18.Personal Shopper – Another entrant to last year’s cinematic rumination on the paranormal, Olivier Assayas’ confounding film raises more questions than answers on how we can cope with loss and deal with notions of the afterlife. Powered by a near-transcendent turn by Kirsten Stewart, the film dabbles in the relationship between the corporeal and the spiritual.

19.Raw – Julia Ducournau’s uncanny, intrepid and grotesque juxtaposition of cannibalism with a lurid quest for identity in a veterinary institute miraculously manages to become a cocky and brash allegory of indulgence and parental cajolery gone berserk.


20.Summer 1993 – Painstakingly grounded in realism, Carla Simón’s unflinching cinematic translation of her own life results in a brutally honest, often painfully intimate portrayal of an extremely young girl developing her own mechanisms to cope with the death of both her parents. Though the narrative is bereft of overt drama, Simón’s profound understanding of how we occasionally stumble to discover our own character when lured by instant gratification make the film an endlessly compelling rumination on how equipped we are expected to be and can really be to deal with the worst that can happen.


21.Thelma – Evoking the universal need to embrace our truest nature, Joachim Trier’s immersive fantasy of a young girl coming to terms with supernatural gifts that are as extraordinary as they are frightening is a stunningly conceived film. The film cleverly hints that the struggle for freedom can be a path of both darkness and light, yet what drives every human, especially those who reconsider their sexual orientation, is the promise of unfettered self-assertion.


22.The Human Surge – Eduardo Williams’ slow paced, meditative debut film on the unsettling and invisible ways in which the Internet pervades mundane lives is an uneasy reminder of the way human society is pliant to the reception and assimilation of technology. While our proclivity to adapt and absorb itself isn’t a contentious trait, the way we lose ourselves, our fantasies and deepest desires to a burgeoning virtual world and become adrift and anchorless in the real one is indeed a seismic shift in how we perceive the world and form its image in our minds.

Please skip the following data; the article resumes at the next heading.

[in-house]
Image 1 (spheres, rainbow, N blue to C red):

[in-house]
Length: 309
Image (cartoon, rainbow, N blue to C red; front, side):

23.The Killing Of A Sacred Deer – References from Greek mythology are artfully woven into an unnerving, amoral premise which forms the core of the film. With a haunting performance by Barry Keoghan making the film’s increasingly eerie possibilities come true, director Yorgos Lanthimos adds another dark and brooding work to his cinematic obsession of charting humanity’s worst instincts and collective fears.


24.The Lost City of Z – James Gray’s grand, beautifully mounted and vividly shot film is a credible adventure drama while retaining a sense of mystery and an undercurrent of self-destructive dread. Charlie Hunnam stars as the titular explorer searching for a city which could very well be the figment of a hyperactive imagination. Gray meticulously stages his characters and ensures they aren’t eclipsed by the exotic gaze or a crowded narrative. By lending cinematic heft to the restlessness and self-doubt that accompany every venture into the unknown, Gray ensures that his film becomes something more astonishing than the sum of its parts.


25.The Square – Ruben Östlund lets loose the most unhinged ideations of his creative prowess in this mordant satire on Sweden’s art scene by mercilessly calling out the hypocrisy, nascent elitism and effete nature of self-obsessed, wealthy art patrons and critics alike. Even though Östlund errs in thinking that a conscious lack of metaphorical respite will dampen the effect of all that he wants to convey, the film has enough substance to have a lasting impact on viewers, who will no doubt be caught unawares by the ludicrous masquerade on display – much like how self-styled connoisseurs gawk at museum exhibits.


 26.Thondimuthalum Driksakshiyum – Helmed by Dileesh Pothan and aided by an inventive, original and beguilingly hilarious screenplay by Sajeev Pazhoor, this film masterfully lays bare all the cobwebs and obscured cracks in an ethically compromised, free-for-all society where judicial and law enforcement systems are only as effective or flawed as the people who run them.

27.Twin Peaks: The Return – Is it television or 18 hours of unwieldy cinema? It is, in fact, ‘Lynchian’ and that is enough reason to stop classifying all the bizarre musings and dreamscapes that populate this work of art. For it is definitely easier to be entranced by the phantasmagorical aura conjured by David Lynch than assign myopic labels to its functional purpose. An experiment unlike any other, The Return occupies a psychological bandwidth hardly encountered in other media all year.


Special mentions –

  • Anarkali Of Aarah
  • Dunkirk
  • Logan Lucky
  • Muramba
  • Newton